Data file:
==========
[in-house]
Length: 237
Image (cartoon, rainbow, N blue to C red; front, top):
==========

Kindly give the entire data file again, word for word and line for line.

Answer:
[in-house]
Length: 237
Image (cartoon, rainbow, N blue to C red; front, top):